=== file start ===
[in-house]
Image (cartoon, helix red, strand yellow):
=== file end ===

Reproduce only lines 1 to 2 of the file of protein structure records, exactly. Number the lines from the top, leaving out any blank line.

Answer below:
[in-house]
Image (cartoon, helix red, strand yellow):